Earth mover’s distance

Earth mover’s distance

A semantic measure for document similarity in semantic search

Apr 8, 2019·

10 min read

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This is the part 2 of my initial Semantic search post. This one is about the Earth mover’s distance, which can be applied in semantic search.


The way semantic search engines retrieve results from their ontology is by computing the closest / most similar documents to the query. In order to get the top most similar documents, the algorithm computes the distance between the query and many documents. When the similarities are obtained, the documents are ranked accordingly and the ones at the top are retrieved.

For example, imagine that the ontology has 5 documents:

  • Query: ‘how do I start a career in data science?’
  • Document 1: ‘The science of cooking: how to cook a splendid meal’
  • Document 2: ‘Data science breakthroughs in 2019
  • Document 3: ‘A marine biologist’s guide to getting a data science job’
  • Document 4: ‘Data about chimpanzees is the basis of behavioral science’
  • Document 5: ‘Data science is the top career in the 21st century’

First we compute the distance between the query and the 5 documents, and the one(s) with the highest similarity are returned to the user.

What is this distance between documents? Humans can quickly know which document is the most appropriate for this query, because language is inherent to us and we understand the meaning of each word and and also the sentence as a whole, we can even predict what each document is about. Simple grammatical mistakes or a slightly different word order doesn’t affect our thinking process.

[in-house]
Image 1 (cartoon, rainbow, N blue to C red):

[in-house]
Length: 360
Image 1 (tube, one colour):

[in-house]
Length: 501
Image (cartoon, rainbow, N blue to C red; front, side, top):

In a matter of seconds, we reach the conclusion that document #3 is the closest one: even if the user may not have a marine biology background, the marine biologist’s experience might prove useful.

But how does a computer calculate the distance between two sentences? A sentence isn’t just a sequence of words: each word has its place, there’s an invisible underlying grammatical structure that we intuitively understand because we’ve been exposed to language since birth, but computers have historically had trouble gaining this ‘intuition’.

A simple document similarity measure would be counting how many words there are in common between the two sentences, regardless of the position:

  • d(query, doc1) = 3 (science, how, a)
  • d(query, doc2) = 2 (data, science)
  • d(query, doc3) = 3 (a, data, science)
  • d(query, doc4) = 2 (data, science)
  • d(query, doc5) = 4 (data, science, career, in)

According to this metric, document #5 is the most similar one to the query. But we quickly realize that some words are irrelevant, ‘a’. ‘how’, ‘in’ and such words don’t add meaning to the sentence. These words are called stopwords and are removed in most text processing algorithms.

Slight variations in words aren’t included in this metric either. Verbs in present vs. past tense, singular vs. plural words, adverbs vs. adjectives, etc. are regarded as different words when in reality, they refer to almost the same term. Stemming, lemmatizing and tokenization are methods for obtaining the root form of the word.

Lastly, document #3 should get points for including the word ‘job’, which in this context, is a synonym of ‘career’. ‘career’ and ‘job’ should be processed as if they were equivalent., the same as the word ‘career’ in document #5. Including synonym coverage in the algorithm can greatly improve performance.

And if we dig deep, one may argue that ‘how do I do X’ is similar in meaning to ‘someone’s guide to doing X’, although implementing that is another story.

As a summary, the motivation of using semantic document similarity measures is to improve existing measures by using semantic features such as synonyms, hyponyms, etc.

There are many document similarity measures, lexical and semantic. You can read about many of them, more centered in theory or more practical.

This post is about the Earth mover’s distance (EMD), one of the semantic approaches, where the meaning of the words and the intent of the user are considered.

Earth mover’s distance (EMD)